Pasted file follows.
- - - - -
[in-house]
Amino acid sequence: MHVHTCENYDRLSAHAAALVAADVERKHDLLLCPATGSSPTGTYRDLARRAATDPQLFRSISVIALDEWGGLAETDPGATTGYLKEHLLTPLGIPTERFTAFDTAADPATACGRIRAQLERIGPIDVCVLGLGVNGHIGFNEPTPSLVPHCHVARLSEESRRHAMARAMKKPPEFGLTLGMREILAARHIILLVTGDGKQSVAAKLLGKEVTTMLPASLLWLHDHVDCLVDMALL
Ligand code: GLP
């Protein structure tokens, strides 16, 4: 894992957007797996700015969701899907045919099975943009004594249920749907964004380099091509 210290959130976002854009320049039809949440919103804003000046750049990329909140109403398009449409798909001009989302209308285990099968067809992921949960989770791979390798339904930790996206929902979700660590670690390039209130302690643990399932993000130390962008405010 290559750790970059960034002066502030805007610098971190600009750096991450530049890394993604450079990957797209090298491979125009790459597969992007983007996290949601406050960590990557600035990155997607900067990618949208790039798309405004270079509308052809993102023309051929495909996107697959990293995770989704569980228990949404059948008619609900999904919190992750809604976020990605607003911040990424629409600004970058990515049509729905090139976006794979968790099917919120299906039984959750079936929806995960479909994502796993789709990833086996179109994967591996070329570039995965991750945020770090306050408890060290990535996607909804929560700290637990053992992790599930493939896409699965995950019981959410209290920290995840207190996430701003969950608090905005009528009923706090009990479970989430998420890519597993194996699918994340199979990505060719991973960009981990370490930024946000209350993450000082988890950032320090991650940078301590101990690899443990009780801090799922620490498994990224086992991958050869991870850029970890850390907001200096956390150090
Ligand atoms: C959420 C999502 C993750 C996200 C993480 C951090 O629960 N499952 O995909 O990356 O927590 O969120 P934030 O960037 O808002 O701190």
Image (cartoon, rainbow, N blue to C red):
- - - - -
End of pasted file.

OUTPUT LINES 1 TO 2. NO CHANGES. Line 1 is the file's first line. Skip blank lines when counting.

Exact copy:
[in-house]
Amino acid sequence: MHVHTCENYDRLSAHAAALVAADVERKHDLLLCPATGSSPTGTYRDLARRAATDPQLFRSISVIALDEWGGLAETDPGATTGYLKEHLLTPLGIPTERFTAFDTAADPATACGRIRAQLERIGPIDVCVLGLGVNGHIGFNEPTPSLVPHCHVARLSEESRRHAMARAMKKPPEFGLTLGMREILAARHIILLVTGDGKQSVAAKLLGKEVTTMLPASLLWLHDHVDCLVDMALL